For Dutch architect Do Janne Vermeulen, the “space race” to build the world’s tallest timber-based building is no longer a matter of pride, but more of a sustainable imperative.
“I don’t think it matters who gets the highest first,” Vermeulen said following her presentation to a sustainable-building conference in Vancouver.
“What’s interesting to see is that it helps to get attention for tall wood buildings,” which is the important part “because if you get one, you might get two, if you get 10 you might get 20 and with 20, you might get 100.”
Vermeulen’s Amsterdam-based firm, Team V Architecture, is in that race with its design for Haut, a 73-metre (240-feet-tall) hybrid mass-timber residential building in a new, sustainability focused residential district of that city.
And multiplying the numbers of buildings defined as sustainable, sequestering carbon in renewable wood construction materials, is becoming more important at a time when warnings about climate change are becoming more stark.
Vermeulen spoke Tuesday in a keynote address to Wood Works B.C.’s annual Wood Solutions conference, which is doing double-duty this year as a week-long gathering of international policy makers in collaboration with the lobby group Passivehouse Canada and the United Nations Economic Commission for Europe’s Committee on Forests and the Forest Industry.
The UN Intergovernmental Panel on Climate Change, in an October report, warned of irreversible changes if people don’t take immediate and substantial reductions in their greenhouse-gas emissions beyond what they are taking now.
If people don’t, they are courting climate temperature increases in as little as 12 years that would speed up the melting of sea ice, cause droughts, famine and flood that are worse than previously anticipated.
Responding, in British Columbia, means implementing initiatives such as the province’s Energy Step Code, an optional set of energy-efficiency standards, or the Canadian Build Smart standards, according to conference organizers.
With wood recognized as a low-carbon option, “it is imperative to offer technical knowledge through learning opportunities in wood products and building systems,” said Lynn Embury-Williams, executive director of Wood Works B.C.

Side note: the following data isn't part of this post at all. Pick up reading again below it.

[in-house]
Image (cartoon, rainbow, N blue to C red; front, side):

In past years, the Wood Solutions conference has highlighted local vanguard projects such as the all-timber Wood Innovation and Design Centre in Prince George, which is now home to University of Northern B.C. and Emily Carr University of Art and Design programs aimed at fostering the use of wood in construction.
The 18-storey timber-hybrid Brock House residence at the University of B.C. has also taken centre stage at Wood Solutions.
This year, however, the climate aspects are more firmly at centre stage of the week’s events than in previous years when the focus was as much on promoting B.C.’s value-added manufacturing of forest products.
“That (Intergovernmental Panel on Climate Change) report is just another statement in a long series of statements that empasizes the need for this kind of collaboration,” said Rob Bernhardt, CEO of Passivehouse Canada, about this week’s events.
Canada has a “very good policy framework,” with its Build Smart initiative, Bernhardt said, but governments need more encouragement in implementation.
“Doing is far more difficult than planning,” Bernhardt said.
And Vermeulen said she is hopeful that her firm’s Haut project, along with other projects that have been built or are under development stand as examples for a different kind of tall skyline than those dominated by towers built out of hard materials such as glass, concrete and steel.
“We imagine that a great big, high city can be soft, comfortable, and to a large part, made out of wood,” Vermeulen said.
And Haut stands as an example for how well the project is being accepted, Vermeulen said.
“We managed to do it and we managed to sell the apartments and we didn’t encounter any insurance or mortgage or any kind of process problems,” Vermeulen said.
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